Toward the back of every issue of the Christian Science Journal, Christian Scientists testify about healing. In the early decades of the church these testimonials were especially valuable in showcasing the promise of the new religion. In September 1901, for instance, C. S. Harris, a Jewish man from Chicago, told readers about attending “a lecture at the Third Church” of Christ, Scientist. Because of this thought-provoking lecture, Harris started attending regular meetings at Third Church, where he learned one of the mandates of Christian Science: “Work out your own salvation.” Soon he began to do just that. For thirty years he had been a heavy smoker and drinker, but after studying Christian Science, he reported that both “appetites left me without notice.” Moreover, he had long struggled with poor vision. “Oculists, specialists, and professors”—professionals, in other words—all insisted that he “must have an operation.” Instead of having an operation, Harris carefully studied Science and Health with Key to the Scriptures, the “textbook” of Christian Science. Soon his vision returned. Another healing took place when he accidentally punctured his thumbnail with a “pair of sharp- pointed tweezers.” With blood “spurting all over” his hand, he retrieved the church’s “Scientific Statement of Being” from his coat pocket, read it carefully, and “neither saw nor felt any ill effects” from the injury. He concluded, “I did not lose my finger-nail as on similar occasions before knowing of Christian Science.”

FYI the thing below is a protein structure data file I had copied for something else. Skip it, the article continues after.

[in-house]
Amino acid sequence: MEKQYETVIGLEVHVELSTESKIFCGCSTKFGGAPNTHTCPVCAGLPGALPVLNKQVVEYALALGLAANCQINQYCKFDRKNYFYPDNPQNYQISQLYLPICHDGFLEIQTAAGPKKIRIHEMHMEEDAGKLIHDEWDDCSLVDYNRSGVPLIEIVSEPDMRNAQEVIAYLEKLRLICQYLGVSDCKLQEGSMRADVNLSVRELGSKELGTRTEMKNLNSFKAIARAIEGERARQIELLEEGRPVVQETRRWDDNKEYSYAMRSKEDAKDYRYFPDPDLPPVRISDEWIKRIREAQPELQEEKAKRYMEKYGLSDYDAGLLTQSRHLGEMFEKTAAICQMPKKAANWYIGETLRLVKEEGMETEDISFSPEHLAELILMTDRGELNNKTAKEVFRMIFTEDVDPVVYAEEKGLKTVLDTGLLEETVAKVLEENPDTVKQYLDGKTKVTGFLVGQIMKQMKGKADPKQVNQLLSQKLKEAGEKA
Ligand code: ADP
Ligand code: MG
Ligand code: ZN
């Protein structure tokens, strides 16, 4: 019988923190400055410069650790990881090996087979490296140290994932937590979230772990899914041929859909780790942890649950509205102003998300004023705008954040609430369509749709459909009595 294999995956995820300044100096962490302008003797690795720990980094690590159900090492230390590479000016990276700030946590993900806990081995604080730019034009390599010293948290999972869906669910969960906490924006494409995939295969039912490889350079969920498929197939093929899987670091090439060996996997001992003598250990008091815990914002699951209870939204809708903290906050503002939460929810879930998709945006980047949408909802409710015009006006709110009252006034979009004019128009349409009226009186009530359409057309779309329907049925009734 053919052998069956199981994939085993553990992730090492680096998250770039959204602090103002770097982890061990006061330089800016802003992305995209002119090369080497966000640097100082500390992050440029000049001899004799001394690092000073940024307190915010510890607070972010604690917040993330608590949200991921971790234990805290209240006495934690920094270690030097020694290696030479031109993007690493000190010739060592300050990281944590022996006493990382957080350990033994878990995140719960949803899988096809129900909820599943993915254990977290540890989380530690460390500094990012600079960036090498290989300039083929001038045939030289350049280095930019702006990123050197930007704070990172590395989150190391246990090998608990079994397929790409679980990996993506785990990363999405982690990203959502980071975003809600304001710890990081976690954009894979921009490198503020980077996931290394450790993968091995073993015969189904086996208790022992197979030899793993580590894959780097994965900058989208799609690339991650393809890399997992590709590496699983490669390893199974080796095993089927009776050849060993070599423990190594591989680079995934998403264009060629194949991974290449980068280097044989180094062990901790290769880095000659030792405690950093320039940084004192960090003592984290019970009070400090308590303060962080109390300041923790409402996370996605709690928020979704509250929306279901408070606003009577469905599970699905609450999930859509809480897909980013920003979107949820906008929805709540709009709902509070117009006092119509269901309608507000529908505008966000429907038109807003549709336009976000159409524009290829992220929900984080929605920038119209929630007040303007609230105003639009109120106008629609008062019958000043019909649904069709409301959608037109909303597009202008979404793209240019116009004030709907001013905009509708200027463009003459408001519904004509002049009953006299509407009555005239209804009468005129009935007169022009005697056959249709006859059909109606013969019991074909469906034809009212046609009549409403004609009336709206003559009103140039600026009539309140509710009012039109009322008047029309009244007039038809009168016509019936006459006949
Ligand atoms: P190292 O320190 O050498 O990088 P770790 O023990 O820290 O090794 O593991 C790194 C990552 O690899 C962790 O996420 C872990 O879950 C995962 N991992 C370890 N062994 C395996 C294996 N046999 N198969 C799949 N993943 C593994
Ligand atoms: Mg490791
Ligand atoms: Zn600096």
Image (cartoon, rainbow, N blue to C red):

Harris’s claims may have sounded fanciful to some, but such reports of healing were commonplace in the Christian Science Journal. Every issue contained similar stories of ordinary people “working their own salvation”—salvation that often began with a Christian Science lecture. Elma Williams, for example, attended a Christian Science lecture and came away “feeling much as I think Paul felt on the road to Damascus.” Now, she reported, “Every day gives me fresh proofs of God’s goodness.” Louise Reich reported a similar Saul-to-Paul conversion. After calling on “many physicians” and “a specialist in Florida,” all of whom “gave me no encouragement,” Reich attended a Christian Science lecture in Jacksonville. Feeling “at great peace” from the lecture, she then read Science and Health on her own. “Many diseases left me almost immediately, among them catarrh of the stomach, dyspepsia, headaches, and many little troubles.” David Moir had long suffered as “a man of the world, guided mainly by the lusts and passions of the natural man.” After contracting a lust-related problem that was best left unsaid, Moir consulted a physician, who “said I must take medicine for two years, and could give me no hope of a permanent cure.” Then he attended a Christian Science lecture, began studying Science and Health, and soon experienced “peace and satisfaction beyond anything I had ever hoped for in the old condition.”